machine brains

Bloxy's Bloxy's at hotmail.com
Thu Feb 25 23:43:04 EST 1999


In article <36d5f8f6.0 at ns2.wsg.net>, "Ray Scanlon" <rscanlon at wsg.net> wrote:
>
>
>Michael Edelman wrote in message <36D40248.45F3D1CB at mich.com>...
>
>
>   (snip)
>>
>>This is the point at which I find myself shaking my head. Who is aware of
>>thinking? When you say "subjectively" you imply a subject. Who is that
>>subject?
>>
>>You have not argued for the non-existence of mind or self-awareness. You
>>merely
>>assert that it does not exist.
>
>Nope. The brain exists in the material universe, the mind in the spiritual
>universe. I enjoy both but I keep them separate.
>
>Your entire post was an example of what I am attacking, the desire to talk
>about the mind rather than the brain. The title of the thread is "machine
>brains". Why can't we just talk about the brain as a machine and leave the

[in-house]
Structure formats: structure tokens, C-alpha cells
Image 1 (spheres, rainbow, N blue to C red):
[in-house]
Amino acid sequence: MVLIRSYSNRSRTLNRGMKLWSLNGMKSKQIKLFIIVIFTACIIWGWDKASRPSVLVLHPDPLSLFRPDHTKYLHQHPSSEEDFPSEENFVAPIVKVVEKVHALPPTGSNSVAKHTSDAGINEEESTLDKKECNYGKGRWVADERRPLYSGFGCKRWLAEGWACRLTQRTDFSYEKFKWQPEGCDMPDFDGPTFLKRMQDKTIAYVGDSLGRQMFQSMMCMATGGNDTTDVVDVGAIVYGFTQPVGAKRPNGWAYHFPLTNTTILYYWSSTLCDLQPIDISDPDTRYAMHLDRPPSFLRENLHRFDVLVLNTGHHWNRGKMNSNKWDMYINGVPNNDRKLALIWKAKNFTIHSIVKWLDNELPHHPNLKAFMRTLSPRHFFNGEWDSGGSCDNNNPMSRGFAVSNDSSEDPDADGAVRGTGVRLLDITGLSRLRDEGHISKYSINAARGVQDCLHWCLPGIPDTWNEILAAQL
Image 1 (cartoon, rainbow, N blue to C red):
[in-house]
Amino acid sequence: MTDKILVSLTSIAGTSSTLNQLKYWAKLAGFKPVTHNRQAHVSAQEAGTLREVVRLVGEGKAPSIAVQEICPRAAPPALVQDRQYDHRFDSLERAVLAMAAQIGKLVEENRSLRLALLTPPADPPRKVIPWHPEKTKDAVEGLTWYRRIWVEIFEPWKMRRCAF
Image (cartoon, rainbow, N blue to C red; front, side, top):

>mind out of it.

Because the brain is there to facilitate the mind,
which is a notion of oneself.

> Talk about the role of the reticular nucleus of the thalamus
>in inserting extra synaptic events between sensory input and motor output.

For what?
You see, all these beautiful mechanisms are there
to provide the foundation of the physical aspect of your being.
But they, in themselves, are utterly useless.

>When sensory neuron is efferent on a motor neuron, as it is in some
>jellyfish, there seems to be no problem in comprehending the neural net.

Well, there was this dude, upon a time, who asserted
that the only "real" thing is DNA.
You are just a host for the DNA to do its number.

>When the interneuron is interposed, as it is in some other jellyfish,
>difficulties arise. (But only the tiniest of difficulties.) As the
>interneurons proliferate in the vertebrates, why do we say that a difference
>arises? In mammals the reticular nucleus appears, synaptic events are
>indefinitely added yet the nervous system is still a machine.

Well, and who are you?
Are you any different from the machine?
All you have to this point is a machine argument,
aren't you?

> A machine is
>comprehensible, possibly most difficult but still comprehensible by man.

But can that man comprehend the machine in him?

That is the kwestion...

>Ray



More information about the Bioforum mailing list